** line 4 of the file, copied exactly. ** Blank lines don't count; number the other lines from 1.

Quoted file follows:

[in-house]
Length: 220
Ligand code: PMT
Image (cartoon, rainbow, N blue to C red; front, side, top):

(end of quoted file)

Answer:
Image (cartoon, rainbow, N blue to C red; front, side, top):